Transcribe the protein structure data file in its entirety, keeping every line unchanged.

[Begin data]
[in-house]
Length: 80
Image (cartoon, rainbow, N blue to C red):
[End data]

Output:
[in-house]
Length: 80
Image (cartoon, rainbow, N blue to C red):